How Decreasing Genome Sequencing Costs Effects Clinical Genetics and Precision Medicine

The rapidly decreasing genome sequencing costs have been a major driving force in transforming our understanding of clinical genetics, revolutionizing the diagnosis and treatment of rare diseases, and paving the way for precision medicine. As sequencing technologies continue to evolve and become more affordable, a new era of personalized medicine is emerging, promising to deliver tailored treatments and improved outcomes for millions of patients with rare genetic disorders. In this article, we explore the history of decreasing genome sequencing costs, the significance of this trend in clinical genetics, and the latest advancements in sequencing technology that are making genome sequencing more accessible and affordable than ever before.


A brief history of decreasing genome sequencing costs

The journey towards affordable genome sequencing began with the completion of the Human Genome Project in 2003. This monumental achievement, which took over a decade and cost nearly $3 billion, laid the foundation for rapid advancements in sequencing technology [1]. Over the past two decades, the cost of sequencing a human genome has experienced an exponential decline [2]. This remarkable progress is the result of continuous innovation in the field of genomics, driven by the development of next-generation sequencing (NGS) platforms, improvements in computational tools, and increased competition among sequencing companies.


Why is genome sequencing cost going down?

Genome sequencing costs are continuously decreasing due to technological advancements, market competition, economic scalability, and new players with innovative approaches.

Most significant factor for cost reduction is the intense competition among the players in the sequencing technology market. For instance, Illumina, has been pushing the boundaries of affordability. When the company introduced HiSeqX Ten in 2014, they  significantly reduced the cost to a mere $1,000 [3]. Just after 8 years, in late 2022, the same company introduced the NovaSeqX series, which aims to reduce the cost of sequencing a human genome to just $200. According to Francis de Souza, CEO of Illumina, a more advanced model could sequence up to 20,000 genomes per year, as opposed to the current machine’s capacity of about 7,500 genomes, providing a performance upgrade on top of the significant cost reduction [4].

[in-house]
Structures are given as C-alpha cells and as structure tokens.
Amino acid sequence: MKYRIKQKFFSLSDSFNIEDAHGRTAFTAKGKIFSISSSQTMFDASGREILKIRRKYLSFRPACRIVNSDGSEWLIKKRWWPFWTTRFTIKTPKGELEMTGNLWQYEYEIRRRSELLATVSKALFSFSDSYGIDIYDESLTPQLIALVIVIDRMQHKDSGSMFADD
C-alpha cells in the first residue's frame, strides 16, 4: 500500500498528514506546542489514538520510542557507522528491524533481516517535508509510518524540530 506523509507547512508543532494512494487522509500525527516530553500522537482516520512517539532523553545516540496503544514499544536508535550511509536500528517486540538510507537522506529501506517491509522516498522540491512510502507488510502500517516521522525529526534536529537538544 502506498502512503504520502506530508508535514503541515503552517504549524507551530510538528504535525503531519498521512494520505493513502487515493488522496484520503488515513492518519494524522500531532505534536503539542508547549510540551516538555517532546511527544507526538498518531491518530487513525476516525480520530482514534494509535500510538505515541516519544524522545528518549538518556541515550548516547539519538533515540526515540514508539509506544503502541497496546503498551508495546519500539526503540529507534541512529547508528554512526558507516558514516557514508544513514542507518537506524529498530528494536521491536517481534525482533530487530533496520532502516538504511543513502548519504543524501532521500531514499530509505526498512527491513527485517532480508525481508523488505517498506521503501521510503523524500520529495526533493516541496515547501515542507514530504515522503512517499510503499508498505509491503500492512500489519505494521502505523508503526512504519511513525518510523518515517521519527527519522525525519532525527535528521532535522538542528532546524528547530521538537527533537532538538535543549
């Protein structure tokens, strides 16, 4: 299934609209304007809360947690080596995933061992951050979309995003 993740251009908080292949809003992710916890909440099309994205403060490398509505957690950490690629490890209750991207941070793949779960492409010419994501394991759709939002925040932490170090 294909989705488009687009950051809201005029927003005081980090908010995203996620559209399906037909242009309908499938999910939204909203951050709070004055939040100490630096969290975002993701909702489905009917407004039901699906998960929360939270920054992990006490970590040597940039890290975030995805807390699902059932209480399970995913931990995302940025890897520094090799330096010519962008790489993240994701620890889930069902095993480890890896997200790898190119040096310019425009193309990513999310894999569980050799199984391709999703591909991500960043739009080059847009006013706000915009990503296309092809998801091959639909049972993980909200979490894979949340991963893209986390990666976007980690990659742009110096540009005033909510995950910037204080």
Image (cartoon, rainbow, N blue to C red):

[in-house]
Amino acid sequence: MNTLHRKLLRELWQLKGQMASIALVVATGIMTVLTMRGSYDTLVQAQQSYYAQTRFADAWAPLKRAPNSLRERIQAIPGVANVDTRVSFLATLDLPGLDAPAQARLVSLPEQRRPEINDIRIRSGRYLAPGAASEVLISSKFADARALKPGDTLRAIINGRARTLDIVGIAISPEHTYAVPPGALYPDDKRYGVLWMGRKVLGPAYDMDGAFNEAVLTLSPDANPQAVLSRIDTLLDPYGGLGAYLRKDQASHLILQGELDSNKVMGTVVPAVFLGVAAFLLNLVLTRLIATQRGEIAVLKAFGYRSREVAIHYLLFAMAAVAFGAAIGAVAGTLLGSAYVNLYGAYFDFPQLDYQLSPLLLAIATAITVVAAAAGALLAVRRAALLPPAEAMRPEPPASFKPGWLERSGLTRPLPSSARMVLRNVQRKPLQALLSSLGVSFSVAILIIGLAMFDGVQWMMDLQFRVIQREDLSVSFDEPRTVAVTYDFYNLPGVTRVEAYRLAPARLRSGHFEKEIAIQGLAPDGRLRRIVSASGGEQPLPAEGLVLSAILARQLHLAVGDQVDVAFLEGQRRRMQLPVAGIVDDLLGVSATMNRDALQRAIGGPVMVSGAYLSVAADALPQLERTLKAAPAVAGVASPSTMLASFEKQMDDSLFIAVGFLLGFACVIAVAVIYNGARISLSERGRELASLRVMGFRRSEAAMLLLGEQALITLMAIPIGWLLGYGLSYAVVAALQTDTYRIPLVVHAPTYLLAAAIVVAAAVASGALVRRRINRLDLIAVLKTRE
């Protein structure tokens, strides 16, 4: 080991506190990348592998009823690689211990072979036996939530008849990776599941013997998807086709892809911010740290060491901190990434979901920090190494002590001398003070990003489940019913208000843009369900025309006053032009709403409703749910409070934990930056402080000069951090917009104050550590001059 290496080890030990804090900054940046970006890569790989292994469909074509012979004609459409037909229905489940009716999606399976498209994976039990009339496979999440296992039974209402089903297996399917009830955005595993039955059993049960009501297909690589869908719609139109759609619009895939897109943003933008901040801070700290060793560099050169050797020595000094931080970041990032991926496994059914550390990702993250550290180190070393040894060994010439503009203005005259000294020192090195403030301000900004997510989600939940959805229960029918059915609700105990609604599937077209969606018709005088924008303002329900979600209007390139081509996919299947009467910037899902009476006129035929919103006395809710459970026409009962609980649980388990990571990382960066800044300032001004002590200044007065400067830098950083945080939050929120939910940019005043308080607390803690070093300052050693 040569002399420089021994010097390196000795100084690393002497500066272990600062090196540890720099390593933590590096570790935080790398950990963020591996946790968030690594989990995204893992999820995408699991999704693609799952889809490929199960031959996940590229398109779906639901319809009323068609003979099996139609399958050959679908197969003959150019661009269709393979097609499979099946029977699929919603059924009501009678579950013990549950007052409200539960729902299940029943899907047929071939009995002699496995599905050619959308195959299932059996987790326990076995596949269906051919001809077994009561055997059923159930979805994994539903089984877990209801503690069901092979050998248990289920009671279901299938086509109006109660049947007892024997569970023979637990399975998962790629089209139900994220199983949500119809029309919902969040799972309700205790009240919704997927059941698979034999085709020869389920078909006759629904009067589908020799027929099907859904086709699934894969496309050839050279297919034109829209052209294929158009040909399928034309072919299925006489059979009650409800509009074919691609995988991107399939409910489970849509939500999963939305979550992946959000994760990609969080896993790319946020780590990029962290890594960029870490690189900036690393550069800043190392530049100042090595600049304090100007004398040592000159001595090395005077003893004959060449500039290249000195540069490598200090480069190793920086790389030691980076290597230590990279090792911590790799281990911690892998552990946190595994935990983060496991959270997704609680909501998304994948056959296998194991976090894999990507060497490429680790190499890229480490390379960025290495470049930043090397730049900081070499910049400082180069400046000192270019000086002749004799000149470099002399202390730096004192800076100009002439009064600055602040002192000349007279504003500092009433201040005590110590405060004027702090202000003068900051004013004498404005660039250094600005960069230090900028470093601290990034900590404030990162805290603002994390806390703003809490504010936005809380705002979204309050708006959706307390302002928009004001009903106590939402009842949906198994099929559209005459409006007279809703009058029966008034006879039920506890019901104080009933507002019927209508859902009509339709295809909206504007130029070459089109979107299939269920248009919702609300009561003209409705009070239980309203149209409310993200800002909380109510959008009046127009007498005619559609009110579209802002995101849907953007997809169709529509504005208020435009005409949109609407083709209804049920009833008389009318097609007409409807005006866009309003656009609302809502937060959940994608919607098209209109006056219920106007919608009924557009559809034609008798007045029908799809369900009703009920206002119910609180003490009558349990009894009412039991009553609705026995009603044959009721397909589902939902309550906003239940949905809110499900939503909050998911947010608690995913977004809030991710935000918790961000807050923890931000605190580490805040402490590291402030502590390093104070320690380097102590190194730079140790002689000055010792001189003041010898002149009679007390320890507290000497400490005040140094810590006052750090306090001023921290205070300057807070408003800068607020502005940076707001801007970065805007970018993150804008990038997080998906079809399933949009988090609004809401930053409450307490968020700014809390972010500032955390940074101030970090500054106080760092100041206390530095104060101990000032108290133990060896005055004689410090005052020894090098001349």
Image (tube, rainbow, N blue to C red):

Francis de Souza highlights the economic scalability of the sequencing market as another factor contributing to the decreasing cost of genome sequencing. As the demand for sequencing services has grown, companies have been able to produce machines with greater sequencing volumes and equipment and reagents in larger quantities, leading to lower per-sample costs. This has allowed healthcare providers to offer their services at more affordable prices, ultimately benefiting end-users in the clinical genetics and research fields.

New players in the sequencing technology market are also contributing to significant cost reductions. For example in 2022, a promising and rapidly-growing startup, Ultima Genomics, also claimed that their innovative sequencing technology could bring the price down to approximately $100 per genome [5] (Figure 1). Besides the market competition and economic scalability, new players in the market and technological advancements have also put pressure on established companies like Illumina, Qiagen, and MGI to continue refining their technology and pricing.

Genome sequencing costs

Figure 1: Decreasing whole genome sequencing costs between 2000 and 2022. (Source: NHGRI)

The importance of the decreasing genome sequencing costs

The implications of affordable genome sequencing are far-reaching, particularly in clinical genetics, developing novel treatments, and precision medicine. Lower sequencing costs enable clinicians to incorporate genetic testing into routine patient care, leading to earlier and more accurate diagnoses, as well as personalized treatment plans. This shift has the potential to significantly improve the quality of life for patients with rare genetic disorders, many of whom have historically faced a lengthy and often frustrating diagnostic odyssey. 


As the cost of sequencing continues to decrease, it has led to a surge of genomics research. This has resulted in a wealth of valuable data that can be utilized to gain a deeper understanding of the molecular basis of rare diseases, ultimately leading to the development of new therapeutic approaches.



In conclusion, the decreasing cost of genome sequencing is paving the way for affordable genomics, which is having a profound impact on clinical genetics, precision medicine, and preventive healthcare applications. The new wave of precision medicine promises to revolutionize the diagnosis and treatment of rare diseases, improving the lives of patients worldwide. As innovative companies drive down sequencing costs, we can expect even greater breakthroughs in genomics research. At Genomize, we are committed to being a part of this genomic revolution by providing high-quality and accessible NGS data analysis solutions, believing that everyone should have access to the benefits of genetic testing, regardless of financial limitations.


1. (Accessed: 27/04/2023)

2. (Accessed: 27/04/2023)

3. Patch AM, Nones K, Kazakoff SH, et al. Germline and somatic variant identification using BGISEQ-500

and HiSeq X Ten whole genome sequencing. PLoS One. 2018;13(1):e0190264.

4. (Accessed: 27/04/2023)

5. (Accessed: 27/04/2023)

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